Painbirds X by Ashley Warren

Painting by Seon-Jeong Kim

Painbirds X

On a good day,
my mother sits like a
chain-driven Grandmother
The air is quiet as she
smiles and nods like someone
else’s grandmother who smiles
and nods too much and at nothing.
She files away expired coupons,
debt collector’s threats,
grandbaby photos.
Those days, her fingers
may be well enough
to knit something small
or write some snaggletooth letters to
family about everything
that is not happening
or even well enough to play
a simple piano tune if she knew one.
On her face, I see
a woman struggling
with the term cadence
while the clock ticks softly
and off beat.
But on most days,
the sickness has organized its
own internal orchestra
while the meds work hard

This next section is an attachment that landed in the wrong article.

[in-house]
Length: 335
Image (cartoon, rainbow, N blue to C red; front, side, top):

to keep her bound.
She sits tight and tamed
as if unable to flinch
from a punch.

And I get what the doctors are trying
to do—

He says, “Doesn’t all
that head bobbing bother you?”
“Well I don’t notice it,” she says
between clenched teeth.
“Let me give you something for that, Donna.”
And that army will too
build up a box around
her rambunctious, ticking head.
He doesn’t warn her that the noise—
while disguised and hushed,
while tightened and tamed,
is growing like a thoughtful concerto.
Inside, she’s knocking
at the wood meekly.
Inside her clenched fists
is a tiny ax
and it’s chipping away at
each quiet room, at every
pitying encounter, at the
thick dank tunnel
echoing every memory and sorrow
she is now too tired
to remind us of with her mouth.
Poco a poco, the music is swelling.
Her swing, strengthening.
The little soldiers, forfeiting.
And on that penetrating day,
when shards of wood fly,
my mother will become both the broken
orchestra and its flailing

Ashley Warren

Ashley Warren is a Minnesota native and currently lives in Long Beach, CA. Her poems have appeared in several print and online publications including Convergence Magazine, Hiram Poetry Review, Santa Clara Review, Old Red Kimono, Red River Review, Roanoke Review and Sandy River Review.